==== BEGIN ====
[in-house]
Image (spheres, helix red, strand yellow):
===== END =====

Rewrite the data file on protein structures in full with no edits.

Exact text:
[in-house]
Image (spheres, helix red, strand yellow):